McCain Construction - Basements, Foundations, and Construction

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Why Build a Basement?

Many people have the idea of a basement as a dark, damp, mildewed, musty smelling place under the house where the water heater, furnace and creepy crawlers live. In the past, they were often called cellars, and were most useful to store food that needed to be protected from the extreme hot or cold weather. A basement is cheaper to heat and cool than an upper level of the same size. We often receive calls from customers that have moved here from north of the Arkansas/Missouri state line. They are surprised that they cannot find a house with a basement.  Some realtors or homebuilders have told them that basements cannot be built in Arkansas because the water table is too high, and it’s too rocky to dig a hole.   In the River Valley all of the water drains to the Arkansas River and we build basements within a stones throw of it. We have also built them on mountainsides within 1O feet of the edge of a rock bluff.

“If you consider building a basement at the start of your house design, then you can reduce the footprint of the house, saving you money by reducing the size of roof and use of exterior finishes.”


There are very few places you could not build a basement

However, many people do not know why there are more basements in the northern United States than in the southern part of the U.S. It is because the frost line is so much deeper there. The purpose of the foundation of any structure is to support the weight of the building and its contents. This foundation must rest on stable earthen material that is deep enough not to freeze in the winter. Yes, the ground does freeze, just like everything else that contains moisture! When it does freeze, it will expand and when it thaws, it will contract. Therefore, the foundation must be seated deep enough to avoid this condition. A foundation that moves up and down would soon crumble and fail. In the north, this frost line may be 4 to 5 foot deep but in Arkansas it is only 16 inches. So, if you are in Iowa, and are building a house, you already have to dig 4 foot deep. The smart thing to do is to put in a basement and gain usable space for the money that you are going to spend on the foundation. Soil conditions can cause similar problems, that if not taken into consideration can be almost as damaging to a foundation. In this part of Arkansas and Oklahoma, much of the soil, below topsoil level, is a reddish/brown clay material. This type of soil is expansive, meaning that when it gets wet, it expands and when it dries out, it shrinks.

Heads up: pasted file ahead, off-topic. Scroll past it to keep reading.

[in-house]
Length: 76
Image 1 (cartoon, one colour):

An example of this would be a mud puddle that has been dried up by the sun; it has nothing left but cracks. Red clay soil does the exact same thing; it cracks and shrinks as it dries. If the footing of your house rests in the top of 2-foot soil, then in wet weather it has the potential to move upward and in dry weather the opposite will occur. Cracks in the brick on a house often appear after an extremely hot and dry period of weather. The brick cracks are due to one area of the foundation sitting on soil that has died out while an adjacent area, perhaps where the flowers had been watered daily, may have swelled due to excess moisture. Thus, one section of footing experiences a slight upward movement while the other has a potential to move downward as the underlying soil shrinks away from its bearing surface. This problem can be greatly reduced by utilizing a basement so that the footing rests from 4 to 6 feet below the surface, where moisture content is much more stable.

The ideal reason for a basement is for hillside locations. These building sites are the perfect place for a walkout basement. Sloped land requires building up the lower side to achieve a level floor. One way or another, this must be done to build a house. The money spent on the basement is converted to usable space, instead of with a high foundation into only a way to achieve a level surface to build the floor on. If you can put the garage underneath the house, in the basement, then you can save even more money.

Basements make maximum use of available land

As prime building land becomes increasingly rare, McCain is making use of sloping land and other sites that require deep foundations. The marginal cost of including a basement is greatly reduced as it effectively provides the building with the deep foundations that it needs. Including a basement will almost certainly increase the value of a property depending on the use of the basement, the quality of finish, and local property prices.

Uses for a basement:
  • Laundry room
  • Extra Kitchen
  • Extra bedrooms
  • Bathrooms
  • Living rooms
  • Playrooms
  • Gym/sauna
  • Swimming pool
  • Music room/recording studio
  • Home cinema
  • Home office
  • Archive storage